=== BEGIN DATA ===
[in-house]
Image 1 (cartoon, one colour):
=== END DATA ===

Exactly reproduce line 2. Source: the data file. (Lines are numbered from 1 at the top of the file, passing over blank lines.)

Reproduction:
Image 1 (cartoon, one colour):